Part three has begun. Maggie is back home, but her troubles haven’t ended; she is sick of words and of having trouble communicating. She wants to paint!
Monthly Archives: August 2014
Here I am, back in my office in Wheeler Hall on the UCB campus, after finishing the first class on the first day of fall semester.
I’m not sure what my expression means. “We’re gonna do this thing”, maybe?
I spent the last eight hours, without a break, on class prep. Socrates, sorites, software . . . progress of a sort. But I want to write my novel, not prep my courses. Strange to think that my students, too, are probably wishing they could do something else instead of head back to class.
We’re all ingrates in the moment.
I’m thinking about moving my carolynhill.com domain to WordPress. It would make life simpler, because if I don’t move the site to WordPress, I’ll have to learn responsive web design, and I’m not interested in learning that right now.
I’d have to pay WordPress, but I suppose that’s only fair, considering I’ve been using WordPress for free since forever.
(Update: I updated!)
We played Solarquest for game day. In the photo, Cathryn’s blue marker plunges into the sun after Paul bankrupts her.
Inscribe my garden wall with a list of the ailing and fallen: the old apple, dead of fireblight, the young apple and pear, soon to perish, the aged and deformed peach, the long-gone dogwood, the defunct nectarine.
Today I teach the usual pre-semester Oral Presentation Skills workshop for graduate student instructors. Here’s the handy-dandy visual aid I give them so that they have something to point at during practice.
Was going to make a couple of pillowcases today. Made a couple of pillows instead, using interestingly subtle Japanese fabric for the body, and three of the Moda “Grunge” fabrics for the Seminole piecing.
The photo’s colors are really off. What looks blue in the photo is grayish green in reality, and what looks red is far more pink in person. And the whites are tinged with yellow brushwork. Oh well.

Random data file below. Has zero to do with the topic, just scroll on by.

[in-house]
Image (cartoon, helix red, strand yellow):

Right now, I’m stoked. The first reader of parts 1 and 2 says that the novel is working. I can stop worrying about part 2!
Thank you, Stephanie.
(Wanna read some mind-blowing fiction? Visit Stephanie’s blog,http://accidentalantenna.wordpress.com/ .)
IRL, I’m still wrassling with bCourses (may almost have the critter tied down). In the meantime, no new words written in the novel, so here’s an early scene I plan to cut from the first draft of part 1.
Deleted Scene, First Draft, Part One, Eyes on the Mountain
After the ceremony celebrating the installation of her painting at Sony Corporation’s Tokyo headquarters, Maggie went shopping near Mt. Fuji in a small district that specialized in local artists’ wares. It was there that she saw the kokoro box.
The proprietor of the shop, a bent-backed elderly woman in a dove-gray scarf, pulled the brightly colored box out of the display case and laid it across a silk pad on the case’s glass top. “Hand made,” the proprietor said, rotating the wooden box slowly so that Maggie could view each of the four sides and the top and bottom all covered with paintings of cranes flying across natural and artificial landscapes rendered in vivid jewel tones.
Maggie smiled. “It’s beautiful.”
The proprietor nodded and opened the first box to reveal another nestled inside. She lifted the second box out, set the first box aside gently, and opened the second as if handling a great treasure. Inside sat a third, still smaller box.
“It’s like a Russian doll,” Maggie said.
The proprietor fell silent, her hands still, then coughed softly. “I see. But.” Her hands moved again: a fourth box, a fifth. “I think, not Russian. Not doll.”
Maggie watched, enchanted, as each box was opened to reveal another, each new box smaller and differently decorated than the preceding. Six, seven, eight, nine, ten ….
The proprietor set the tiny eleventh box in the center of her wrinkled palm, cocked her head at an angle, and looked at Maggie out of the corner of her eye. She held the box up, as if inviting Maggie’s close attention.
“Is that the last?” Maggie asked, bending down to study the box. It was made of whitish wood carved so that the surface was bumpy like chicken skin. One of the bumps was dyed a soft blue.
The proprietor raised a finger and pressed the blue bump. Instead of opening like the others had, this box unfolded to lie flat; the four sides separated at the seams and fell away from the center, one side carrying along the hinged lid, which lay equally flat on the woman’s palm.
In the center of the flattened box sat a diminutive carving in dark wood. Maggie leaned closer.
“Kokoro,” the proprietor said, lifting the carving out and placing it into Maggie’s hand. “Means ‘heart’.”
Maggie ran her forefinger over the wooden carving. It was a shoe. An empty baby shoe.
Like a pallet knife to the heart, the memory came: Samuel, her precious baby Sammy, face gray in death.
Maggie closed her fist gently around the carving. Her other hand shook as she reached for her wallet.